Questions & Authors: Setting up an ELL classroom – Part II

November 3rd, 2008

“Classroom space impacts everything: Instruction, behavior, and our sense of well-being,” writes Debbie Diller in her new book, Spaces & Places. Creating a classroom environment that supports instruction and allows students to be comfortable and take risks without stress, is not an easy task. Mix in even just a few ELL students into that classroom, and the task becomes even more difficult.

To support ELL students in their learning, Debbie suggests including specific literacy stations in the classroom, adding books that especially support ELL students to your library, and finding a quiet place where second language learners can take a break from the commotion of a busy classroom.

Read more of Debbie’s ideas in Part II of our Questions & Authors installment focused on ELL classrooms.

  • “Be sure to plan for a comfortable, well-organized whole group instruction area where the whole class can gather for meetings and instruction. I often invite ELL students to sit near the front and have native English speakers all around them. I’ve found this creates a “surround sound” type of setting. Sometimes I’ve noticed ELL students choosing to sit near the outside of the group, but bringing them in helps them be more included in the group. Place the whole group teaching area near a bulletin board/wall/dry erase or chalkboard, so you can post anchor charts and refer to them while teaching. Use cooperative learning and group goals to increase interaction across students of different cultures.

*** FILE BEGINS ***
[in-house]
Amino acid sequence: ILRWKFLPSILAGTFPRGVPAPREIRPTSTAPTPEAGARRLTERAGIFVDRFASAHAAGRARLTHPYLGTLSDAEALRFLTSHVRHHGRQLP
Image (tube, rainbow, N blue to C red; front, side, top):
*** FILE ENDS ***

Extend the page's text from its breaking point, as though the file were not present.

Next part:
• Have music materials (CD player or tape recorder and music) readily accessible in the whole group teaching area, especially if you work with young children. Use these for transition times and to allow students to move and use their bodies. ELL students can use their bodies to interpret stories and songs even if they don’t know all the English words yet.
  • Create anchor charts with students, being sure to elicit ideas from your ELL students. Use their language, so they understand what you’re teaching. Pay close attention to language complexity. Use concise and deliberate vocabulary. Remember to include pictures on your anchor charts. This helps all students remember, and can be especially helpful for ELL students.
  • Create charts that show connections between English and students’ native languages. For example, make connections to cognates, grammar, punctuation, expressions, and word order.